Oxford Tree-Ring Laboratory - Massachusetts


Tuttle House

Tuttle House, 103 High Street, Ipswich, Essex County, Massachusetts (42.686706, -70.845884)

(also known as the Merchant Choate House and Austin Lord House)

(a) Primary phase (southern end) Felling Date: Winter 1670/71

(a) Chimney girt 1670(13C); Summer beam 1670(13C); Joists 1638, 1640(13), 1643; Rear girt (0/1); Posts 0/2). Site Master 1495-1670 ITH (t = 6.81 ALC2; 6.27 CFA; 5.4 BOSTON01)

(b) Northern extension Felling Date: Winter 1671/2 and 1672

((b) Rear wall brace 1671(C); Posts (3/4) 1672(?C); Wallplate (0/1); Reused wallplate (0/1). Site Master 1584-1672 ith02 (t = 6.52 BOSTON01; 4.63 ALC2; 4.63 CHN)

(c) Repair to northern extension Felling Date: After 1761

(c) LH end girt 1761. Site Master 1694-1761 ith01 (t = 5.69 BOSTON02; 4.49 BOSTON01; 3.36 HH)

Previous dendrochronological dating of the Tuttle House places construction of the left-hand room and chimney bay in 1672-1673 (Krusic 2001). The right-hand room, examined as part of the current project, was constructed in 1671. Physical evidence indicates that two single cell one-and-one-half-story cottages, one minus a chimney bay, were put together to form a central chimney house plan possibly as late as 1705. The structures were later raised to a full two stories. A lean-to and rear lateral extensions were added likely during the eighteenth century.

The retention of two rare early story-and-one-half building frames, and the carefully-documented restoration undertaken by the present owners in which many early features were left exposed, makes this house a unique document of early building practices. The presence of braces trenched to receive studs in the left-hand frame, a feature now found only in the this house and the Fairbanks House (1638-1641), revises our thinking about the continued use of trenched braces. Such braces were previously thought to be an archaic feature surviving only from the earliest years of English settlement. Physical evidence indicates that originally the right-hand frame has a principal rafter/ common purlin roof, which is one of the earliest known examples of the use this new framing system.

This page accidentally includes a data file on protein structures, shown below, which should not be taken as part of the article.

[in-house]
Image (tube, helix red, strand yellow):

A new girt, tree-ring dated to 1761, was installed on the left end of the house, perhaps at the time that the house was raised to a full two stories. Because the existing frame could not be spread, the girt was morticed into the rear post, but attached by a dovetail joint to the front post.

The title history of the property, identified by Thomas Franklin Waters and others, cannot be easily correlated with the construction evidence. A closer reading of the documents will be necessary in order to decipher the history of the structure (if indeed it can be documented), to determine whether either portion of the early house sits on its original foundation, and to identify where the dwelling house of William Merchant, built before 1668, ostensibly on this property and present in 1694, might have been located.

Miles, D H, Worthington, M J, and Grady, A A, 2002 "Development of Standard Tree-Ring Chronologies for Dating Historic Structures in Eastern Massachusetts Phase II", Oxford Dendrochronology Laboratory unpublished report 2002/6




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Contact Information

Oxford Tree-Ring Laboratory

Michael Worthington
Jane Seiter, Ph.D

25 E. Montgomery St.
Baltimore, MD 21230